When a six percent discount rate is employed, aluminum has a better TCO than all other steel options by more than $4,000 in all maritime and urban environments except Hot Dip Galvanized in an urban setting. In this case (Hot-Dip Galvanized Urban), both aluminum and steel are close to being equal in TOC at the end of 50 years. From Chart 4, we clearly see that aluminum has a TCO equivalent to galvanized steel after 50 years in the urban environment, and after 21 years in the maritime environment. A summary of the break-even time for steel structures compared to aluminum structures is contained in Table 8.

Material Steel – 2 coats Steel – 3 coats Steel – Hot-dip galvanized Steel – Hot-dip galvanized
Setting Urban & Maritime Urban & Maritime Urban Maritime
Break Even (Years)
Discount Rate 3% 5 yrs 15 yrs 33 yrs 21 yrs
Discount Rate 6% 5 yrs 15 yrs 33 yrs 21 yrs

Table 8. Break-even point (in years) when the TCO is equal to aluminum.

Material Steel – 2 coats Steel – 3 coats Steel – Hot-dip galvanized Steel – Hot-dip galvanized
Setting Urbain et maritime Urbain et maritime Urbain Maritime
Discount Rate 24.3% 15.9% 6.1% 8.8%

Table 9. Discount rate required to make aluminum’s TCO equal to steel.

Any discount rate below six percent makes aluminum a better choice than the steel option in all environments. Given the public financing of civil engineering structures like bridges, a lower discount rate is more likely. The use of a six percent discount rate is conservative, since investments of this nature are often required and government agencies do not generate revenue or profit.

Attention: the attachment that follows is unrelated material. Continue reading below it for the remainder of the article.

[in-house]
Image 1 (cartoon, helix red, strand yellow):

A recent article[4] confirmed our result and highlighted the cost and technical advantages of an aluminum structure like one bridge in Arvida, Quebec. An aluminum structure would enabled the bridge to increase its load-bearing capacity, while reducing cost of ownership over the long term. Additionally, the article highlights the change in Canadian Standards Association bridge calculations for aluminum highway bridge structures, enabling both architects and engineers to develop designs using aluminum that respect the Association’s rigorous norms.

Conclusion

Decision makers should no longer assume that steel is always the best option economically when investing in civil engineering structures. This analysis, using a pedestrian bridge project example, demonstrates that aluminum competes with steel when the Total Cost of Ownership is considered. The case for aluminum becomes even more apparent when the project is located in a highly-corrosive environment. Accordingly, while every project is unique, aluminum should have its place in the bidding process and be considered as an economical solution for civil engineering projects, since over its entire lifespan, an aluminum structure may prove to be the best option in terms of installation, maintenance, operation, and disposition costs.

References

1. About Gartner TCO

2. http://www.futuraind.com/benefits-of-aluminum

3. Cost effective rehabilitation of teo aluminum bridges on Long Island, Osman Hag-Elsafi, Sreenivas Alampali, August 2002.

4. “À long terme l’aluminium moins cher pour construire les ponts”, Le Quotidien, January 1 2012.

5. MAADI Group Inc.

6. All costs are in U.S. dollars ($).

7. “Analyse du cout d’entretien d’un pont pietonnierpiétonnier en acier construit selon le code canadien sur les calculs des ponts routiers (CSA S6-05)”. Frank Ajersch, Service FABMATEK Inc., April, 2010. Sponsored by the Aluminum Research and Development Centre of Quebec (CQRDA).

8. MAADI Group Inc. Study

9. http://macabacus.com/valuation/dcf/overview

© 2015 MAADI Group Inc. All rights reserved

Last modified: June, 2015